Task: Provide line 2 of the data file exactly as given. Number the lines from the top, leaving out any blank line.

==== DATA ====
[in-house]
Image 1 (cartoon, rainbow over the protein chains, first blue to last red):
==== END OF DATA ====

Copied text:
Image 1 (cartoon, rainbow over the protein chains, first blue to last red):